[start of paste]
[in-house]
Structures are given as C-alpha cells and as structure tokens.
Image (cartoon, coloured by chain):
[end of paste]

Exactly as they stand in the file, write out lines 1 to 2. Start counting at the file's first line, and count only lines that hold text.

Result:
[in-house]
Structures are given as C-alpha cells and as structure tokens.